[00:37:35] RM: You mentioned, earlier, the tensions that are happening right now – as we speak – in relation to, particularly, the US and Russia, and what may be called a proxy war in the Middle East, and particularly Syria. I think the average person is struggling to understand what the hell is going on in Syria. Could you help explain that for us?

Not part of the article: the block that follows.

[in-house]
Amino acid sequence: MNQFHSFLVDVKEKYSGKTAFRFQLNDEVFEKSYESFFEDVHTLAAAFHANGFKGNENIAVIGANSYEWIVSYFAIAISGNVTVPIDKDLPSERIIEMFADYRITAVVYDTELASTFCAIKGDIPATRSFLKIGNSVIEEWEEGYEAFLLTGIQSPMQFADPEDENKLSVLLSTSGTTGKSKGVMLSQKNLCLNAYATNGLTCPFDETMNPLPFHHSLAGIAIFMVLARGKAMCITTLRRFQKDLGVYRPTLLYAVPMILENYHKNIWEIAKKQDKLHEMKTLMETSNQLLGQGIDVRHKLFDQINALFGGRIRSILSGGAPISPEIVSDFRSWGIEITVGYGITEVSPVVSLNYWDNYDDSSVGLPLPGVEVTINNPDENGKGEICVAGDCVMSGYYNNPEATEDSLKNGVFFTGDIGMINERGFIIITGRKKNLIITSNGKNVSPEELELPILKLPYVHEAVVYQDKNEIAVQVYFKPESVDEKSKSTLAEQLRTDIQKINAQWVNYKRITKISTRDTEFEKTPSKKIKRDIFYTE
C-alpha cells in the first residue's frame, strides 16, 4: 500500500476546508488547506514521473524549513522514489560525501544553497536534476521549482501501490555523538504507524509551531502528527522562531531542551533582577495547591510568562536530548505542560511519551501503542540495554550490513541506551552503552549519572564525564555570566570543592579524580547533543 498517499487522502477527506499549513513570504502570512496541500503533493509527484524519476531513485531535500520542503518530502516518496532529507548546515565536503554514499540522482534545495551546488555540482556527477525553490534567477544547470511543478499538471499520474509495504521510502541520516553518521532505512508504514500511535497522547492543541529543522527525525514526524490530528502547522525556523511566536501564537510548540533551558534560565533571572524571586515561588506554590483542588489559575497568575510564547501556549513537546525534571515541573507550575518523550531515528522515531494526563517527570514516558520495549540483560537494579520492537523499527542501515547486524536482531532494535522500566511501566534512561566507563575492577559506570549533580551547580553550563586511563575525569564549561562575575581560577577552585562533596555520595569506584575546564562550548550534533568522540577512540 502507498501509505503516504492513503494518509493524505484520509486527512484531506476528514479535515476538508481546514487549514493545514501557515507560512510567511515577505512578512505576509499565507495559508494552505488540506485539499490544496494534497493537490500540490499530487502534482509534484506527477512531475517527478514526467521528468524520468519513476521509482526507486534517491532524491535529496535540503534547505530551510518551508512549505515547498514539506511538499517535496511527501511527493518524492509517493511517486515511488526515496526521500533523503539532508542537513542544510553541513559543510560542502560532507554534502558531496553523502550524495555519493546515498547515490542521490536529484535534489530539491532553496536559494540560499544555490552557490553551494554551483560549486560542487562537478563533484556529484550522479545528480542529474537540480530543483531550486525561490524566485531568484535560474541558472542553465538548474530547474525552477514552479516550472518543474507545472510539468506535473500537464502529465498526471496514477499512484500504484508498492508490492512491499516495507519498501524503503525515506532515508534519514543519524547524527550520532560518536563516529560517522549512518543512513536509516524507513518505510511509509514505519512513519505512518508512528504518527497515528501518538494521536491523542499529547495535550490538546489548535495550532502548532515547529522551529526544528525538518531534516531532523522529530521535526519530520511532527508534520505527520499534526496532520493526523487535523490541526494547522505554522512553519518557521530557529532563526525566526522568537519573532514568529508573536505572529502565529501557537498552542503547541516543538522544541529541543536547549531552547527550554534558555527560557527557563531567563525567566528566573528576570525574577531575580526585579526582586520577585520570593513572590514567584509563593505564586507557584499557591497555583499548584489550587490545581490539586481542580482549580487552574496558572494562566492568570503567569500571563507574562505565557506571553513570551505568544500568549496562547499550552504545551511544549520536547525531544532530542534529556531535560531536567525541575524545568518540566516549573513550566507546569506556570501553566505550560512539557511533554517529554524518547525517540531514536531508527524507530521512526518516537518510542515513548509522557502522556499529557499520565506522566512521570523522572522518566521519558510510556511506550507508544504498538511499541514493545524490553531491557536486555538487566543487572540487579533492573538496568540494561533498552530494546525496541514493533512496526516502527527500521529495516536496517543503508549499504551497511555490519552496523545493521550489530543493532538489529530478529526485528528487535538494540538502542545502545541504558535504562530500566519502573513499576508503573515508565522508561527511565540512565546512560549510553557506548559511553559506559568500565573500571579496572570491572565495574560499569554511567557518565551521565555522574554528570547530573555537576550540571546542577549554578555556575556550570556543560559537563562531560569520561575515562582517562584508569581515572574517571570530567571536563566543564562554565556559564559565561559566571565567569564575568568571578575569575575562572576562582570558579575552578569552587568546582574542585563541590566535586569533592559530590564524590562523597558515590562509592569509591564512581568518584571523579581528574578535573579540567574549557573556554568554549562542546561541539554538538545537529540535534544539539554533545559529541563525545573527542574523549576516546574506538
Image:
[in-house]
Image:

[00:37:55] RMG: Sure. Well, what most…what the ordinary person doesn’t know is what they don’t read in the media or don’t see on TV. You can’t talk about Syria, and US policy towards Syria, without mentioning the word “Israel”. Now, why do I say that? Well, why did President Obama and Secretary of State Clinton say – five, six years ago – “Assad’s got to go, he’s got to go.” Bashar al-Assad in Damascus is a threat to the United States? I don’t think anybody’s making that case. So why has he got to go? Well, the answer is pretty simple: Israel feels that, as long as there’s bedlam, chaos, in Syria, they have nothing to fear from Syria. Worse still – or better still, for their purposes – if there’s bedlam in Syria, then Iran and other people can’t resupply Hezbollah in southern Lebanon. And so their threat from near abroad, the people who gave them a bloody nose just three or four years ago – Hezbollah – will be deprived of their weaponry and their support. And then you get back at Iran this way. And all kinds of…so, let me just shorten it and say: this is not my government speaking, OK? This is the Israeli officials that were approached by the bureau chief of the New York Times in early September 2013. And it got to the front page of the New York Times, OK? And what was it? Jodie Rudoren was the reporter, and she said: “You know, all this stuff about Syria – I think I’ll go ask the Israeli officials what their preferred outcome is.” And so, she did. And one of them, Alan Pinkus – who had been the consul general in New York, and several of the others – he said: “Well, you know, this doesn’t sound quite right, but – candidly – our preferred outcome is no outcome.” And she said: [inaudible 00:40:01] s-il-vous-plait - I mean, hello? No outcome?” “Yeah, again, I don’t think it sounds right but, look – we look at it as a playoff game, where you don’t want either team to win. You don’t want either team to lose, either, but as long as Sunni and Shia are at each other’s throats – not only in Syria, but in the whole area – Israel has nothing to fear from Syria.”